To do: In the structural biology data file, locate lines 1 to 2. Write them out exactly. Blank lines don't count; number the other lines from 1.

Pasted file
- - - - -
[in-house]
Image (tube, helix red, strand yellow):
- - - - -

[in-house]
Image (tube, helix red, strand yellow):